During the afternoon of May 3, 1977, shortly after the heroin sale had been aborted, two surveillance agents saw Hammond enter her rented home on DeReimer Avenue in the Bronx. They also saw Basil Hansen enter the house. Knowing that Hansen was a convicted narcotics dealer who had escaped from the Metropolitan Correctional Center in New York City (apparently the first person to have done so), and knowing as well that warrants were outstanding for Hansen's arrest (including a warrant issued under a New York State murder indictment), the agents called for assistance. Back-up agents arrived soon thereafter. The agents approached the house and knocked on the door. After about five minutes, appellant Hammond appeared at a second-story window; the agents told her that they were looking for Hansen. At the front door, they showed her a photograph of Hansen, whom she denied knowing. The agents then proceeded to look throughout the house for Hansen, but could not find him.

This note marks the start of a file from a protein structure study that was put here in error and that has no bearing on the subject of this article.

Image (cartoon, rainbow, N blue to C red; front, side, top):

While in the kitchen, one of the agents placed Hammond under arrest for her role in the narcotics conspiracy and advised her of her constitutional rights. There was no warrant to arrest Hammond. On the kitchen table, within Hammond's reach, was a pocketbook. The agent looked into the pocketbook for a weapon and, while looking, saw a number of leases and a driver's license, all of which he seized. Hammond was then taken to DEA headquarters. The leases and the driver's license were introduced into evidence at trial.